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The People v. Jonathan Scott Franklin

IN THE COURT OF APPEAL OF THE STATE OF CALIFORNIA THIRD APPELLATE DISTRICT (Yuba)


May 13, 2011

THE PEOPLE, PLAINTIFF AND RESPONDENT,
v.
JONATHAN SCOTT FRANKLIN, DEFENDANT AND APPELLANT.

(Super. Ct. No. CRF090000373)

The opinion of the court was delivered by: Hoch ,j.

P. v. Franklin CA3

NOT TO BE PUBLISHED

California Rules of Court, rule 8.1115(a), prohibits courts and parties from citing or relying on opinions not certified for publication or ordered published, except as specified by rule 8.1115(b). This opinion has not been certified for publication or ordered published for purposes of rule 8.1115.

On July 27, 2009, defendant offered an undercover agent $1,500 to kill his estranged wife. He agreed to meet the agent later and provide a photograph of his wife along with a $1,000 cash retainer. On July 29, 2009, defendant met the agent; he reiterated his desire to have his wife killed, and offered to double the payment if her boyfriend was also killed. Defendant was arrested after giving the agent a photograph of his wife and ten $100 bills.

A post-arrest search of defendant's house found a hard drive containing child pornography in one of his laptop computers.

Defendant was charged with one count of solicitation for murder (Pen. Code, § 653f, subd. (b)),*fn1 one count of possession of child pornography (§ 311.11, subd. (a)), and two counts of attempted premeditated murder (§§ 664, 189, 187, subd. (a)). Defendant pled guilty to solicitation of murder and one count of attempted murder, the remaining attempted murder count was dismissed, and the child pornography count was dismissed with a Harvey*fn2 waiver. The trial court sentenced defendant to 10 years to life in prison, imposed various fines and fees, ordered $2,700 in victim restitution, ordered defendant to register as a sex offender (§§ 290, 290.006), and awarded 347 days' presentence credits, consisting of 302 days' custody and 45 days' conduct credits. (§ 2933.1.)

Defendant appeals. He did not obtain a certificate of probable cause.

We appointed counsel to represent defendant on appeal. Counsel filed an opening brief that sets forth the facts of the case and requests this court to review the record and determine whether there are any arguable issues on appeal. (People v. Wende (1979) 25 Cal.3d 436.) Defendant was advised by counsel of the right to file a supplemental brief within 30 days of the date of filing of the opening brief.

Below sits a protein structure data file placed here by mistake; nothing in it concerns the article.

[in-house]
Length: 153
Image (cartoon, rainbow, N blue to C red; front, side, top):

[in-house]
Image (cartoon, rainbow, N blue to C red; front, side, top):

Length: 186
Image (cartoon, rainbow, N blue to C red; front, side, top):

Defendant filed a supplemental brief contending: (1) he was not in a proper state of mind when he met the undercover officer; (2) he was entrapped into committing the offenses; (3) the use of a recording device by the undercover officer and the search of his home violated the Fourth Amendment; (4) he was not allowed to contact the lawyer he wanted to represent him; (5) discovery errors by the People; and (6) his sentence of 10 years to life is excessive.

Defendant's contentions regarding his state of mind, entrapment, discovery, and not being given a telephone book to contact counsel of his choosing are barred by the denial of a certificate of probable cause. (§ 1237.5.) His Fourth Amendment and sentencing contentions are appealable without a certificate of probable cause. (People v. Buttram (2003) 30 Cal.4th 773, 780; § 1538.5, subd. (m).)

Defendant claims it was unlawful for the undercover officer to wear a recording device because the People never demonstrated that more conventional investigative techniques were tried and failed or were too dangerous. A person has no expectation of privacy in a conversation with an apparent colleague who turns out to be an undercover officer. It does not violate the Fourth Amendment for the officer to simultaneously record the conversation with electronic equipment which he is carrying on his person. (United States v. White (1971) 401 U.S. 745, 749-751 [28 L.Ed.2d 453, 457-458].)

Defendant also contends the search of his home was unlawful because it uncovered evidence, rather than the fruits or instrumentalities of his crimes. Pursuant to a search warrant, police may search the place described in the warrant for contraband or evidence of a crime. (Illinois v. Gates (1983) 462 U.S. 213, 238-239 [76 L.Ed.2d 527, 548].) Defendant does not cite facts showing the warrant was not supported by probable cause or that the officers could not rely on the warrant in good faith. (United States v. Leon (1984) 468 U.S. 897, 922-923 [82 L.Ed.2d 677, 698-699].) His claim is without merit.

Defendant asserts his sentence of 10 years to life for attempted murder and solicitation for murder is excessive in light of his having no criminal record, the circumstances of the offense, his character references, alleged inaccuracies in the probation report, and the effect of his incarceration on his family.

We review the trial court's sentencing decision for abuse of discretion, and we will affirm unless the decision was arbitrary or irrational. (People v. Avalos (1996) 47 Cal.App.4th 1569, 1582.)

The sentence was not an abuse of discretion. The trial court imposed the standard term of seven years to life for the attempted murder plus a consecutive low term of three years for the solicitation count. (§§ 3046, 664, subd. (a), 653f, subd. (b).) Defendant solicited the murder of his wife on two separate occasions, made a down payment for the murder, and offered a bonus payment if his wife's boyfriend was also killed. His contentions regarding the probation report rely on allegations outside the record, which we shall not consider.

Having undertaken an examination of the entire record, we find no arguable error that would result in a disposition more favorable to defendant.

DISPOSITION

The judgment is affirmed.

We concur: HULL , Acting P.J. BUTZ ,J.


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